I sat down with Prana to get a sense of who pole fitness is for, where the sport is going. Read to the end to find out what Prana thinks would happen if she tried to work the pole in a strip club.
Evelyn: So you're a national champion back in France. A lot of people don't even realize the pole dancing is a sport. There's an annual international competition as well?
Prana: Yes. There are a lot of competitions in a lot of countries as well as international competitions in Europe, North America, and other locations. And in June, or July 2013, there is a big competition for the Olympic Committee because [pole fitness competitors] want to apply for inclusion in the Olympics. But with an official competition, heels are forbidden and you have to cover your body. But that can be difficult because we need skin contact on the pole -- the legs, the waist, the arm pits -- to keep us gripped to the pole.
Evelyn: Ahhhh. So pole fitness students aren't dressed in short shorts and small tops for nothing. But could the Olympic Committee have problems accepting pole dancing as a competitive sport just because of what competitors wear?
Prana: With pole dancing, the difficulty is showing that it's not stripping. And actually, it's not pole dancing, it's pole fitness. Dance is not an Olympic discipline, but fitness, acrobatics and gymnastics are sports.
Evelyn: And you're hoping to make it the 2016 or 2020 Olympics?
Prana: We don't know yet. We have to see what happens with the Olympic Committee.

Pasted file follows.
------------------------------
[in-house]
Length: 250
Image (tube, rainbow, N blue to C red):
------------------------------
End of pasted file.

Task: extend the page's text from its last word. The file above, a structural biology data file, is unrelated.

Evelyn: How long have you been doing pole fitness?
Prana: Four years.
Evelyn: And you won the French championships so quickly. You must have been a gymnast before. Prana: Exactly. I started gymnastics when I was 3 1/2. And I never stopped. I started at 3 1/2 and continued until I was 18. And then I became a teacher. So I started to become a teacher at 18 and discovered pole dancing at 19. So I kept teaching gymnasts when I started pole dancing but I was so happy because I found a new sport for me. When you're teaching, you teach and that's it. You're not challenged. You're not learning anything new.
Evelyn: Were you were a competitive rhythmic gymnast at the national level in your native France?
Prana: Yes. National. Not international.
Evelyn: And then you fell in love with pole dancing. Boom. Like that.
Prana: Yes! At that time, I was very lucky to be in Paris. When I started, there were only two pole dance schools in Paris. That's it. Now there are a lot but then not so much ... and at my first class of pole dancing, I realized that the gymnastics brought me a lot. Rhythmic gymnastics didn't bring me the strength I needed for pole dancing, but I had the flexibility, the finish of the lines. But pole dancing gave me muscle. Four years ago, I had no strength in my back, in my arms.
Evelyn: Now someone might look at you and think "well, the pole is easy for her, she was already a gymnast." With that in mind, what would you tell someone who came here, took one class, and got discouraged? Like, look at me. I was laughing half the time because I felt and looked like an oaf. What would you tell them? Like how many classes would it take to start loving what you see in the mirror?
Prana: I really think that when you tell that to yourself, you're judging yourself. And in my class, that's not my goal. Like, don't judge everybody around you, just enjoy. I just want you to feel good. So stop judging yourself! Try to feel the move, then when you feel it, you're going to enjoy it.
Evelyn: And your body, which looks amazing by the way, your body is the result of ONLY pole dancing? No weight training or cardio?
Prana: Yes. Only the pole. But you know, pole dancing is cardio and weights.
Evelyn: Finally, what would you say to people who snicker that pole dancing is for strippers?
Prana: If I go to a strip club to be a dancer, I'm not going to make money. [The customers] would run away! [Laughter].